I also agree with Mark. The phrasing also didn't agree with me--for instance, the half note B in the seventh measure might be extended to two half notes to define the phrasing better. The next "phrase" appears to be nine measures long, which didn't work, to my ear. I think the music would be much better if it were in four- and eight-measure phrases. The high B could be a challenge to many players would might otherwise attempt this piece. I do think, though, that you captured the dignity and solemnity of "Taps." Adding appropriate dynamics would strengthen the piece and help with phrasing--for instance, adding a hairpin swell in measures 4-8, tapering the dynamic to piano at the end of the phrase.

Jerry Engelbach

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Re: Remember-Solo Bb Cornet
« Reply #5 on: March 20, 2019, 11:16:16 AM »
I agree with Ron.
 
You get a theme going in the first 6 bars.
 
Then you start a counter theme in the next bar that sounds like it's going to proceed downwards and back to the tonic, but it takes off somewhere else.
 
I would follow through on that downward pattern to the tonic, and then take off from there.
 
Cheers,
Jer
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Patrick O'Keefe

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Re: Remember-Solo Bb Cornet
« Reply #6 on: April 02, 2019, 03:35:47 PM »
I've been away from the forum for a while.  In trying to catch up I've listened to a number of your pieces in succession.  I'm afraid my most typical reaction is "I don't feel where this is going".  I don't get a feeling of moving toward a destination, either melodically, rhythmically, or harmonically.  You may be very consciously aware of this and are purposefully writing disjunct segments of music ... but I suspect not.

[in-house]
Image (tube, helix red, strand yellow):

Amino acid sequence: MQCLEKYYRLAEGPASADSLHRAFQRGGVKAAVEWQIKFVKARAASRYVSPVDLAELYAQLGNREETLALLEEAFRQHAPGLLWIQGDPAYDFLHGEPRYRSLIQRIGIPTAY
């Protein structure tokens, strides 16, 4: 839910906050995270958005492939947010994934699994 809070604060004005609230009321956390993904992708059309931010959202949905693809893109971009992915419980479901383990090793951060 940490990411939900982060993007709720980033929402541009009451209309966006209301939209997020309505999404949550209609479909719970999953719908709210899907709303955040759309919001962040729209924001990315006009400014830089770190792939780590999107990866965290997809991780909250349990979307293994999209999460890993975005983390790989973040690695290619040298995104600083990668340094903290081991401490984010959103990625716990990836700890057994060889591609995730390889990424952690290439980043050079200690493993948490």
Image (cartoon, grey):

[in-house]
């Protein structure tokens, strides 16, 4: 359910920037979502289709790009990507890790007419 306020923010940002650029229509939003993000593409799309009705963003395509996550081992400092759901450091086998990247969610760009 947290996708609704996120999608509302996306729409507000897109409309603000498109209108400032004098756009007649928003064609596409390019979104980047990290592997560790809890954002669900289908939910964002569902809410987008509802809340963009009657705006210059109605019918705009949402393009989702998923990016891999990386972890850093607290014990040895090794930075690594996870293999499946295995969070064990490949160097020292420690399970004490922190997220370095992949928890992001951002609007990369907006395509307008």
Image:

I missed hearing about your background, but I suspect you are self-taught.  (If not, you should probably ignore the rest of this posting.)  I'm going to give advice I was given on this forum about 8 years ago when I was trying to teach myself composition.  Find a teacher / tutor / mentor.   You maybe already have basic knowledge of music and composition theory  - as I did not - but it feels to me like you could use help applying that basic knowledge to your composition.  Getting immediate feedback while composing is invaluable.

That was the best advice I was ever given so I am passing it on.   I've been seeing my teacher almost weekly for nearly 8 years and am still learning from him.  (I'm a slow learner.)

Ron

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Re: Remember-Solo Bb Cornet
« Reply #7 on: April 03, 2019, 08:23:18 PM »
Might I suggest you take Alan Belkin's online courses on harmony and on counterpoint. They are available on YouTube. His first lesson on harmony is here: https://www.youtube.com/watch?v=MjaOwTq9inM


Also, his book, Musical Composition: Craft and Art, is available on Amazon. For a first rate book on composition, rather than harmony or other theory, it is a steal at about $20. He goes into great detail on exactly how to go about putting together a coherent melody.
Ron